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If thus thou vanishest, thou tell’st the world
It is not worth leave-taking.

Char. Dissolve, thick cloud, and rain; that I may say,
The gods themselves do weep !
Cleo.

This proves me base : If she first meet the curled Antony, He'll make demand of her 4; and spend that kiss, Which is my heaven to have. Come, mortal wretch, t

[To the Asp, which she applies to her breast.
With thy sharp teeth this knot intrinsicate
Of life at once untie: poor venomous fool,
Be angry, and despatch. O, could'st thou speak !
That I might hear thee call great Cæsar, ass
Unpolicied !5
Char.

O eastern star !
Cleo.

Peace, peace!
Dost thou not see my baby at my breast,
That sucks the nurse asleep?
Char.

O, break! O, break!
Cleo. As sweet as balm, as soft as air, as gentle,
O Antony ! - Nay, I will take thee too:

[Applying another Asp to her arm. What should I stay -

[Falls on a bed, and dies. Char. In this wild world ? So, fare thee well. Now boast thee, death! in thy possession lies A lass unparalleld. — Downy windows, close ; 6 And golden Phæbus never be beheld

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+ He'll make demand of her ;] He will enquire of her concerning me, and kiss her for giving him intelligence.

p“Come, thou mortal wretch," &c. - Malone.

5

ass

Unpolicies ! ] i. e. an ass without more policy than to leave the means of death within my reach, and thereby deprive his triumph of its noblest decoration. 6

Downy windows, close ;] Charmian, in saying this must be conceived to close Cleopatra's eyes; one of the first ceremonies performed toward a dead body.

Of eyes again so royal! Your crown's awry;
I'll mend it, and then play.”

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Enter the Guard, rushing in. 1 Guard. Where is the queen ? Char.

Speak softly, wake her not. 1 Guard. Cæsar hath sent Char.

Too slow a messenger.

[Applies the Asp. O, come; apace, despatch: I partly feel thee. 1 Guard. Approach, ho! All's not well: Cæsar's

beguild. 2 Guard. There's Dolabella sent from Cæsar ; - call

him. 1 Guard. What work is here? - Charmian, is this

well done?
Char. It is well done, and fitting for a princess
Descended of so many royal kings.
Ah, soldier !

[Dies.

Enter DOLABELLA. Dol. How goes it here? 2 Guard.

All dead. Dol.

Cæsar, thy thoughts Touch their effects in this: Thyself art coming To see perform'd the dreaded act, which thou So sought'st to hinder. Within.

A way there, a way for Cæsar !

Enter CÆSAR, and Attendants.
Dol. O, sir, you are too sure an augurer ;
That
you

did fear, is done.

7

- and then play.) i. e. play her part in this tragick scene by destroying herself: or she may mean, that having performed her last office for her mistress, she will accept the permission given her before, to "play till doomsday."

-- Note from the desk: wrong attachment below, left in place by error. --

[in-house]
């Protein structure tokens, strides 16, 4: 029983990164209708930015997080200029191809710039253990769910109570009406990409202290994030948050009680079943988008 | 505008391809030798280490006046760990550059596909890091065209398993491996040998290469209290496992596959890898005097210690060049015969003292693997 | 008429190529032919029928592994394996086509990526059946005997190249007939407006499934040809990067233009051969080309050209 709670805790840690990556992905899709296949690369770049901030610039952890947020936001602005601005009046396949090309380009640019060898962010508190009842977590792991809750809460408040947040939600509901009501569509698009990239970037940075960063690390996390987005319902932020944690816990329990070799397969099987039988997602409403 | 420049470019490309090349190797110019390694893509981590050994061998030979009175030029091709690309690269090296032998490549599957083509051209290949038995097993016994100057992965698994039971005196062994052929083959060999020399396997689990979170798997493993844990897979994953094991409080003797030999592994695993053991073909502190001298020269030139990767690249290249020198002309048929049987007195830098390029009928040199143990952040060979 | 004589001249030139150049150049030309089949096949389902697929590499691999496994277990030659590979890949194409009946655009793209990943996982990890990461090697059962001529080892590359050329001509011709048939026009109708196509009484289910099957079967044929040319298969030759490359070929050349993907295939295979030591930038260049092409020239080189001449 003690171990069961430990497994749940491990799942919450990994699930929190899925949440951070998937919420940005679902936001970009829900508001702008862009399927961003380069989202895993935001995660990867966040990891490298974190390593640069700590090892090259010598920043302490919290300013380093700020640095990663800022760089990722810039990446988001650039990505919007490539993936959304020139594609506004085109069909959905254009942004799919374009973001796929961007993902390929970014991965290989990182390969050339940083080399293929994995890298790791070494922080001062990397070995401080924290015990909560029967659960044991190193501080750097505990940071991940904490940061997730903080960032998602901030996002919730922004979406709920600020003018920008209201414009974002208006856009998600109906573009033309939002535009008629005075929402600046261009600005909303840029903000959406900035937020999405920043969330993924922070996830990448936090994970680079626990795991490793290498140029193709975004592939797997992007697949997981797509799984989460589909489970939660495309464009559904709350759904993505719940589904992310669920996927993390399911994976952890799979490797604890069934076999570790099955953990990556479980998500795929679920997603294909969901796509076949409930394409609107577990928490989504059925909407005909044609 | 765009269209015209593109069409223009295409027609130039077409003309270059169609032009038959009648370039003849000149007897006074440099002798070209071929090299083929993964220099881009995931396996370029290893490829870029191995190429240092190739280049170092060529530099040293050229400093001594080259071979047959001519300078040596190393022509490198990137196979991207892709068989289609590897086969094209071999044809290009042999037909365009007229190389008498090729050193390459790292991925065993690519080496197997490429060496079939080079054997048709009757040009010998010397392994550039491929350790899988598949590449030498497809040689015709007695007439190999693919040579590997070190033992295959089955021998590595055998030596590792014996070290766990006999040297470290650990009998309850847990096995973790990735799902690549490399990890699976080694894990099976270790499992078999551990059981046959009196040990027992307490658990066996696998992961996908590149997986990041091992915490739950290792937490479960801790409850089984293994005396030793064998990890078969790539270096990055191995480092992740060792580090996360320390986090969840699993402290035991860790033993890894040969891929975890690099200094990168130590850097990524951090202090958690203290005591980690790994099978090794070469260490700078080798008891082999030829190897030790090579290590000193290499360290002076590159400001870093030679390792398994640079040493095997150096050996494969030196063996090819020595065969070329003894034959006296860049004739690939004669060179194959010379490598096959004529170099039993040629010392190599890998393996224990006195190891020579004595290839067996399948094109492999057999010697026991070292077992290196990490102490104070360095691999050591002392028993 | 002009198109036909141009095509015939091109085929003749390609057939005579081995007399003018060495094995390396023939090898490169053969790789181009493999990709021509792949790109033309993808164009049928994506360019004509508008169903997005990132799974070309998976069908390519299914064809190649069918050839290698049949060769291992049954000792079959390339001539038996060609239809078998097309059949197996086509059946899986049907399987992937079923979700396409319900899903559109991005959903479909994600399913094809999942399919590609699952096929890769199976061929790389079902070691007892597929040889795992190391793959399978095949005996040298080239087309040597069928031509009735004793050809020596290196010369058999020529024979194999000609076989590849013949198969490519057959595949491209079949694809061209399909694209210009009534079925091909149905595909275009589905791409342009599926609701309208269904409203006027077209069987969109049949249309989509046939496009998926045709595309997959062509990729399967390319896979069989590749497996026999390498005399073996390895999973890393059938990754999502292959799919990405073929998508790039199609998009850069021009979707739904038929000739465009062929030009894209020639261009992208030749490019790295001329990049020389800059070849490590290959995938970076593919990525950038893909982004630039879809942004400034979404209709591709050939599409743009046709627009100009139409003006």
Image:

Cæs.

Bravest at the last:
She levell’d at our purposes, and, being royal,
Took her own way.

The manner of their deaths ?
I do not see them bleed.
Dol.

Who was last with them?
1 Guard. A simple countryman, that brought her

figs; This was his basket. Cæs.

Poison'd then. 1 Guard.

O Cæsar,
This Charmian lived but now; she stood, and spake:
I found her trimming up the diadem
On her dead mistress; tremblingly she stood,
And on the sudden dropp’d.
Cæs.

O noble weakness !
If they had swallow'd poison, 'twould appear
By external swelling : but she looks like sleep,
As she would catch another Antony
In her strong toil of grace.
Dol.

Here, on her breast,
There is a vent of blood, and something blown : 8
The like is on her arm.
1 Guard. This is an aspick's trail: and these fig-

leaves
Have slime upon them, such as the aspick leaves
Upon the caves of Nile.
Cas.

Most probable,
That so she died; for her physician tells me,
She hath pursu'd conclusions infinite 9
Of easy ways to die. – Take up her bed;
And bear her women from the monument:
She shall be buried by her Antony:
No grave upon the earth shall clip in it

8

something blown:] The flesh is somewhat puffed or swoln. 9 She hath pursu'd conclusions infinite --] To pursue conclusions, is to try experiments.

| shall clip-] i. e. infold.

A pair so famous. High events as these
Strike those that make them; and their story is
No less in pity, than his glory”, which
Brought them to be lamented. Our

army

shall,
In solemn show, attend this funeral;
And then to Rome. - Come, Dolabella, see
High order in this great solemnity.

[Ereunt.

2

their story is No less in pity, than his glory, &c.] i. e. the narrative of such events demands not less compassion for the sufferers, than glory on the part of him who brought on their sufferings.

3 This play keeps curiosity always busy, and the passions always interested. The continual hurry of the action, the variety of incidents, and the quick succession of one personage to another, call the mind forward without intermission from the first Act to the last. But the power of delighting is derived principally from the frequent changes of the scene; for, except the feminine arts, some of which

too low, which distinguish Cleopatra, no character is very strongly discriminated. Upton, who did not easily miss what he desired to find, has discovered that the language of Antony is, with great skill and learning, made pompous and superb, according to his real practice. But I think his diction not distinguishable from that of others : the most tumid speech in the play is that which Cæsar makes to Octavia.

The events, of which the principal are described according to history, are produced without any art of connection or care of disposition.

Johnson.

are

CYMBELIN E.

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